Donald Savoie grew up in a small Acadian village and went on to become an accomplished writer and academic whose books have profoundly affected Canadian public policy and public administration. I'm from Bouctouche, Me is not only his story but a story about Canada, the Acadian people, and the evolution of French Canada.
In the 1950s most of Acadian society was poor, uneducated, isolated, and dominated by the Roman Catholic clergy. In the following decade two individuals, Pierre E. Trudeau and Louis J. Robichaud, pointed the way for Acadians like Savoie to make important contributions to Canada's development. Trudeau's objective was Canadian unity and he turned to Acadie to show Quebec that there was a viable French Canadian presence outside their borders. Robichaud, New Brunswick's first elected Acadian premier, had witnessed Acadian poverty first hand and made it his mission to bring New Brunswick into the modern era. Savoie shows how their efforts led to fundamental change for both Canada and New Brunswick and changed his life.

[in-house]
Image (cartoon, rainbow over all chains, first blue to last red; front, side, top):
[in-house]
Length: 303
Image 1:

Savoie has always been a champion of his home province and region - his memoir reveals why. He is one of "Robichaud's children," the generation that finally emerged from the cloud of Le Grand Dérangement to bring equal rights and opportunities to Canada's Acadian citizens.